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Dichloroacetate inhibits glycolysis and augments insulin-stimulated glycogen synthesis in rat muscle.

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  • Research Article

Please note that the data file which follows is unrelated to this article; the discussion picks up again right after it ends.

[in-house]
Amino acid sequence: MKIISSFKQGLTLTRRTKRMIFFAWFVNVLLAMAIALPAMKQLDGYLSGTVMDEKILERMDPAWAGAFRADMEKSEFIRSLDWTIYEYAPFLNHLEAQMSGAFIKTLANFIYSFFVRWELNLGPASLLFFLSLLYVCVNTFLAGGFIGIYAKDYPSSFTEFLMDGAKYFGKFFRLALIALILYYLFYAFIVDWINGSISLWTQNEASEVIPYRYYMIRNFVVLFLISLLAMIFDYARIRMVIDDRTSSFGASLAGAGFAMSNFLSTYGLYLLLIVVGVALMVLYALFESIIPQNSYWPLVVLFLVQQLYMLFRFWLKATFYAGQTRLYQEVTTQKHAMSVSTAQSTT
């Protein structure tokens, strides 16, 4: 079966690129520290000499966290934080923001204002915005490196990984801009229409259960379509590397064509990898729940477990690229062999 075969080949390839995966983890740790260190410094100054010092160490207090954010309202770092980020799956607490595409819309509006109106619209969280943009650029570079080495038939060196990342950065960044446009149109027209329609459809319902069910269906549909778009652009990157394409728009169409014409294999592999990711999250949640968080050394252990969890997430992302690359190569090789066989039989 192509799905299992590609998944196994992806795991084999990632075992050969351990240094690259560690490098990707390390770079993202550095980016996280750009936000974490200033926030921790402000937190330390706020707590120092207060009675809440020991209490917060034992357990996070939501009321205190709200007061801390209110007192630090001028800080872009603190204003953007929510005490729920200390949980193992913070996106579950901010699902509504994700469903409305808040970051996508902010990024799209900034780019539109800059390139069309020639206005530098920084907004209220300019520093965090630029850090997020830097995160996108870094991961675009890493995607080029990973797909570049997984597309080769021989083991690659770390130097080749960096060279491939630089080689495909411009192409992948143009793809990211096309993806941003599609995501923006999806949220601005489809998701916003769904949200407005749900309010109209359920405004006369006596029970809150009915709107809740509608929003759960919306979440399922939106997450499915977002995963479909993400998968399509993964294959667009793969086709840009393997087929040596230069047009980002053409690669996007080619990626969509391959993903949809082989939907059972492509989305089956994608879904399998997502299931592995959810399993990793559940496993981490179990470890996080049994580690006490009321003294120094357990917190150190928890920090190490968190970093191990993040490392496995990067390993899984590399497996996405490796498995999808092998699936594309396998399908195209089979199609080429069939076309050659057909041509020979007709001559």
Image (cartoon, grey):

The decrease in plasma lactate during dichloroacetate (DCA) treatment is attributed to stimulation of lactate oxidation. To determine whether DCA also inhibits lactate production, we measured glucose metabolism in muscles of fed and fasted rats incubated with DCA and insulin. DCA increased glucose-6-phosphate, an allosteric modifier of glycogen synthase, approximately 50% and increased muscle glycogen synthesis and glycogen content greater than 25%. Lactate release fell; inhibition of glycolysis accounted for greater than 80% of the decrease. This was associated with a decrease in intracellular AMP, but no change in citrate or ATP. When lactate oxidation was increased by raising extracellular lactate, glycolysis decreased (r = - 0.91), suggesting that lactate oxidation regulates glycolysis. When muscle lactate production was greatly stimulated by thermal injury, DCA increased glycogen synthesis, normalized glycogen content, and inhibited glycolysis, thereby reducing lactate release. The major effect of DCA on lactate metabolism in muscle is to inhibit glycolysis.

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